The Foxymorons: Real Music, Fake Band

Foxymorons

The thrill of collaboration keeps the Foxymorons fresh at the precipice of 40

David Dewese and Jerry James, the friends that make records as the Foxymorons, met at church camp when they were in high school. They discovered they had an affinity for noisy, primitive rock bands. Since they both played rudimentary guitar, they thought about starting a band.

“In our late teenage years, we pretended we were in a band called the Foxymorons,” says James.

“We didn’t play music or write songs,” says Dewese. “I remember braggadociously telling waitresses we were in a band called the Foxymorons. It was a great name for a fake teen punk band 20 years ago.”

Eventually, the duo honed its chops and began writing and recording. “Our first single was done on a four-track cassette tape,” says James. “I recorded drums, guitar and vocals and sent the tape to David. He added guitar and vocals and sent it back. We traded the same cassette tape a few times until we were satisfied.”

They pressed up a seven-inch single and mailed it to radio stations, fanzines and distributors. A copy found its way to Mel Cheplowitz at American Pop Project Records, who asked the Foxymorons if they’d like to put out an album. They said yes.

Although they’d never played live, their debut album, Calcutta, got stellar reviews. As soon as it was out, Dewese moved to Nashville to play in an alt-country band. James stayed in Texas. They’ve maintained a long-distance collaboration ever since, and just finished work on Fake Yoga, a return to the primal sound of their debut.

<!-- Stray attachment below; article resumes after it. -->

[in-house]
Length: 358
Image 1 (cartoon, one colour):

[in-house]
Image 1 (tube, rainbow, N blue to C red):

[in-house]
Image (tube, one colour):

“We’ve been a bit precious and ornate with the musical arrangements on our last few albums,” says Dewese. “We really wanted to strip away all those layers and get back to the raw elements of being in a rock band. We purposely recorded with a limited palette of options. We wrote separately, as usual, later realizing we’d both consistently left out bridges, extra verses and even some choruses.”

While Fake Yoga has elements drawn from country and pop music, including the duo’s sweet, Beach Boys-flavored harmonies, the album is dominated by their distorted, almost metallic guitar work.

“This album reminds me of the music we played when we started out: noisy and primitive, but still melodic,” says James. “Fake Yoga is a brattier record than our last couple of releases. Maybe it’s because we’re turning 40? I’ve always been drawn to no wave-inspired guitar rock, the artier side of punk. Or it might have something to do with the fact that I see a lot of guys my age playing in Texas country bands. I mean, nothing against that, but I’m not ready to do that yet.”

Dewese and James work separately, but by the time they’ve recorded a song, the interplay between them has always transformed the tunes into something unexpected. There are no album credits or liner notes, except those crediting their drummer, Will Johnson from Centro-matic.

“There can be something inherently narcissistic and counter-productive about getting too concerned about credit,” says James.

“It’s not important for us to notate who performs what, since we constantly exchange instruments and vocals,” says Dewese. “We sing and perform everything, and happily credit friends like Will, when they help out. As a long-distance duo, we record most of our records one instrument at a time. We built (the songs on Fake Yoga) over a corny drum loop, one guitar or vocal at a time. We had Will record his drums last, so he was playing along to our completed songs with that corny drum loop running in the background. What a dude!”

James says the method they’ve developed over the years suits their idiosyncratic writing and production style. “The process is very organic,” he emphasizes. “Sometimes I listen back to our records and think, ‘How did it end up like this?’ One of the exciting things about making records is the heady process of sharing ideas and letting things happen. We’ll blatantly rip of some small thing—like a guitar part, a vocal inflection, a harmony—from our record collections, be it the Byrds, Big Star or Half Japanese, and it becomes its own thing and takes us down a new path.”

—j. poet